I’ve never been very successful at cleaning bearings - deshielded a few (8-ball Cs and a KonKave, along with some hubstack bearings). Soaked them in mineral spirits in a small glass jar for 5-10 minutes, shaking occasionally. Remove each one at a time and spin dry on a pencil. While they all spin freely they don’t spin for a long time, and they all have a little responsiveness causing the yo-yo to return unexpectedly. What can I do to fix this? Should I use something other than mineral spirits (which would be great, because I can’t stand the smell)
How are you determining that they don’t spin for ‘a long time’? If you’re just doing a flick test, don’t put that much weight in it… it’s not a very accurate measure for how well a bearing is performing. If they just aren’t working well in the yo-yo, that’s more of a concern.
Your process isn’t bad, it’s a pretty standard approach. If you want, you can try something like acetone, which tends to be a bit more aggressive in cleaning (but doesn’t smell any better). Just make sure it is -very- dry before putting it into a plastic yo-yo as the acetone will eat away at the plastic.
(side note: is this Chimera from years ago? or are you somebody new?)
What I’ve been doing recently is using Dawn dish soap and water. Now I know that it can cause bearings to rust, yes, but I have a powerful air compressor and a dremel on hand that I can use to quickly spin them and dry them out. You can achieve a similar effect with a can of compressed air.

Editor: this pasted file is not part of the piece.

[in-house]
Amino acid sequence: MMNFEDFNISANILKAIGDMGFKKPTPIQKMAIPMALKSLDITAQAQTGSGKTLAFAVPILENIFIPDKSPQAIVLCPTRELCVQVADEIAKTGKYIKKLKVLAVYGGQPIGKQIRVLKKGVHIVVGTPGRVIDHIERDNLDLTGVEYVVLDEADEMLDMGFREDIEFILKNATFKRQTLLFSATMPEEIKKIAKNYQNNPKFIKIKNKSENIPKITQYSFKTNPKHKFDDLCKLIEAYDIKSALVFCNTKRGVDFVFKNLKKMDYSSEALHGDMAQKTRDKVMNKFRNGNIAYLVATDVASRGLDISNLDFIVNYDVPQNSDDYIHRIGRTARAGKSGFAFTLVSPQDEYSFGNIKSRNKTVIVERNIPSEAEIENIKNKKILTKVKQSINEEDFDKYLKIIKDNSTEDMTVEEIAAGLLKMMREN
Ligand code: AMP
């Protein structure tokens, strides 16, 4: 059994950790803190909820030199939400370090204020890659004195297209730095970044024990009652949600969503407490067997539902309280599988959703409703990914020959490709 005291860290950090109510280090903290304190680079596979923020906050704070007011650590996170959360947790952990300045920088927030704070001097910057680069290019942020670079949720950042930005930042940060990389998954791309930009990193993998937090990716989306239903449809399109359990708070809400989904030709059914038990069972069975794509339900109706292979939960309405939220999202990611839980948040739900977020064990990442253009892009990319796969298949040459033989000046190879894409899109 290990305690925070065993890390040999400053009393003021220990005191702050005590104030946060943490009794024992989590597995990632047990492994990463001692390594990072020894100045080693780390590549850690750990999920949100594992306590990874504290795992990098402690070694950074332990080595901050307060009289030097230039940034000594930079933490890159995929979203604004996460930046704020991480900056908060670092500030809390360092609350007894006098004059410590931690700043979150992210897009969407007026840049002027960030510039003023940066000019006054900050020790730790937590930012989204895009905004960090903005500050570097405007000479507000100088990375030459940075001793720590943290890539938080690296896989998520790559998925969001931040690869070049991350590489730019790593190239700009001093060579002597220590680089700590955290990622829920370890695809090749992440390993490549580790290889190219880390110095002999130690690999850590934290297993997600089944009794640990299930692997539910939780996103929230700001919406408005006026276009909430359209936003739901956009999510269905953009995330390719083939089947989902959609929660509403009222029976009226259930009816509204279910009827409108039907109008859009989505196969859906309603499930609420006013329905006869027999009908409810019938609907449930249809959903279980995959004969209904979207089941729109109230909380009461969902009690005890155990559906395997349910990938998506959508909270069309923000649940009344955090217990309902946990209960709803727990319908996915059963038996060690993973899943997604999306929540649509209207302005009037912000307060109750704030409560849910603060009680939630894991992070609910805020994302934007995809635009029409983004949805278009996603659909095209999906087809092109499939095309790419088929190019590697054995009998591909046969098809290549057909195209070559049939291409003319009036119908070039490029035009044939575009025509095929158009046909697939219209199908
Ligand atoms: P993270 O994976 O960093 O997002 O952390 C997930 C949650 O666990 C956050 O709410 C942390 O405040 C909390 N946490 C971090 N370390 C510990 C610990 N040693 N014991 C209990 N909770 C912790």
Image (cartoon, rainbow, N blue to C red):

I’ve tried lighter fluid, acetone, and denatured alcohol, not mineral spirits yet. I used to get pretty good results with the lighter fluid, but it sometimes left residue. The alcohol was alright too but I felt that since I needed to clean a bearing multiple times anyways, I didn’t want to waste by using fresh alcohol every cycle or two. Acetone is definitely a stronger solvent, I found it gives pretty good results as well, but I didn’t use it for very long before I switched to dish soap.
As for the cleaning process, I’ve found that I sometimes have to clean several times(3-4) to get every bit of remaining residues/dust that might make my yoyos responsive. You’ll also want to make sure that you are shaking a LOT if there is something stuck in there. Sometimes it doesn’t get out in the first 1-2 cleanings so you might have to set some time aside and really work it out.
Yeah Kyle it’s me you’d think after all these years I’d be able to clean a bearing. Yes the flick test gives pretty poor results but it’s more the unpredictable response I’m concerned with. I can take the cleaned konkave and put it in something that was working fine with another kk, and it’ll become responsive sometimes…I can kind of tell when it’s about to happen but that doesn’t make it any less annoying, just makes it hurt less.
Have you tried blowing them out w/compressed air to dry them better? The cans used for computer cleaning work well.